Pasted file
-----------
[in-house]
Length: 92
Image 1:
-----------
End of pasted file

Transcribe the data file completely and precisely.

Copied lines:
[in-house]
Length: 92
Image 1: